"If the IRS wants to know why they are the most hated federal agency in America, they need look no further than this." - Bond, commenting on an IRS spokesman's claim that a person catching a record-breaking home run ball from Mark McGwire could be "responsible for paying any applicable tax on any large gift" (thought to be close to $140,000 in this circumstance).
Bond has opposed setting forth interrogation methods used by the Central Intelligence Agency to conform to the U.S. Army Field Manual. While drawing criticism for being one of only nine senators to oppose such a bill, Bond said on the floor that he does not favor or approve of torture.
In a memo to CIA director John Brennan and others, he suggested banning specific techniques that could be considered torture in order to encourage servicemen to invent others on their own. He does not approve of making interrogation techniques public information on the basis that it would allow enemy combatants to train and prepare themselves for what they might go through if captured. He drew criticism when, during a debate he made a comment comparing waterboarding to swimming, stating "There are different ways of doing it. It's like swimming, freestyle, backstroke", in response to the question "do you think that waterboarding... constitutes torture?"
Bond has been a great supporter of expanding free trade to the third world, and he believes in giving presidential authority to fast track trade relations. He has voted for the North American Free Trade Agreement (NAFTA) and the Central America Free Trade Agreement (CAFTA) and believes in permanently normalizing trade relations with China and Vietnam.
While Bond voted in favor in banning members of Congress from receiving gifts from lobbyists, he has generally opposed campaign reform. He voted against the McCain Feingold Act for bipartisan campaign finance solutions. Bond also voted against limiting contributions from corporations or labor.
On June 25, 1976, Bond officially ordered the recension of Executive Order Number 44 issued by Lilburn W. Boggs in 1838 that ordered the expulsion or extermination of all Mormons from the State of Missouri and issued an apology to the Church of Jesus Christ of Latter-Day Saints on behalf of all Missourians.
As governor of the state of Missouri in 1983, Bond signed a declaration of recognition in support of the group known as the Northern Cherokee, now called the Northern Cherokee Nation of the Old Louisiana Territory attempting to grant a form of State recognition by way of executive order. This act was part of the group's attempt to gain Federal Recognition and to receive the related benefits for the group.
In October 2008, Bond apologized to former U.S. Attorney Todd Graves, after a U.S. Justice Department report cited Bond for forcing Graves out over a disagreement with Representative Sam Graves. Following the report, Attorney General Michael Mukasey appointed a special prosecutor to investigate whether former Attorney General Alberto Gonzales and other officials involved in the firings of nine U.S. attorneys broke the law. Citizens for Responsibility and Ethics in Washington (CREW), a progressive activist group, filed an Ethics Committee complaint against Bond over his role in the ouster of Graves.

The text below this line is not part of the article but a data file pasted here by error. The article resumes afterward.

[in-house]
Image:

In 2009, it was revealed according to White House documents that Graves was put on a dismissal list a month after White House e-mail indicated that his replacement was part of a deal between Bond and the Bush administration. The e-mail suggested that Graves was replaced with a candidate favored by Bond for clearing the way for an appointment of a federal judge from Arkansas on the 8th Circuit Court of Appeals.
Bond formally launched his own firm, Kit Bond Strategies, in November 2011.
In the last few days of his long political career, Kit Bond and his staff solved a mystery that had intrigued the press, Missouri politicians, and members of academia for much of 2010. Missouri state officials had wrongly believed that the state museum held a rare and valuable Apollo 17 lunar sample display containing a "goodwill Moon rock". On June 8, 2010, the state realized that what they actually had was only the Missouri Apollo 11 lunar sample display containing small samples of Moon dust rather than the $5-million piece of Apollo 17 history. In cleaning out his senatorial office in December 2010, it was discovered that Bond had inadvertently taken the Apollo 17 display when he had left the governor's office. He subsequently returned the display to the governor of Missouri at the time, Jay Nixon, who passed it on to the Missouri State Museum. Bond was one of four former governors who had taken their states' lunar sample displays upon leaving office; the other three were the former governors of Colorado, West Virginia, and Arkansas.
In 1994, Bond's wife, Carolyn, filed for a divorce, which was finalized the following year. Bond married Linda Pell, now Linda Bond, in 2002. She grew up in the Kansas City suburb of Gladstone and works as a consultant to the National Republican Senatorial Committee. She and Bond had dated for about a year before they were engaged on May 17, 2001, and had also dated in 1996 and 1997. It is her second marriage as well.
After winning his second term as governor, Bond sued his investment manager and Paine Webber, alleging his $1.3 million trust fund had been drained. He was one of several clients who sued, and he settled in 1996 for $900,000.
In 2009, Bond co-authored a book with Lewis Simons entitled The Next Front: Southeast Asia and the Road to Global Peace with Islam.
After over 40 years in politics, Senator Bond announced on January 8, 2009 that he would not seek re-election in 2010. Results of elections in which he was a candidate are summarized as follows:
|Kit Bond (R) (inc.) 51.9%|
|Geri Rothman-Serot (D) 44.9%|
|Jeanne Bojarski (Lib.) 3.2%|
|Kit Bond (R) 52.6%|
|Harriet Woods (D) 47.4%|
|Kit Bond (R) 52.6%|
|Joseph P. Teasdale (D) (Inc.) 47%|
|Helen Savio (Socialist Workers) 0.3%|
|Joseph P. Teasdale (D) 50.2%|
|Kit Bond (R) (Inc.) 49.6%|
|Kit Bond (R) 55.2%|
|Edward L. Dowd (D) 45.6%|
|Paul J. Leonard (Nonpartisan) 0.3%|
had the pleasure of being on Gerald Ford's short list in '76
Kit Bond (MGA chair in 1977 and 1983)
unworkable is the right way to describe proposals limiting interrogation techniques to those listed in the publicly available U.S. Army's Field Manual
| Auditor of Missouri
Warren E. Hearnes
| Governor of Missouri
Joseph P. Teasdale
| Governor of Missouri
|Party political offices|
Lawrence K. Roos
| Republican nominee for Governor of Missouri
1972, 1976, 1980
| Chair of the Republican Governors Association
| Republican nominee for U.S. Senator from Missouri
1986, 1992, 1998, 2004
| United States Senator (Class 3) from Missouri
Served alongside: John Danforth, John Ashcroft, Jean Carnahan, Jim Talent, Claire McCaskill
| Chair of the Senate Small Business Committee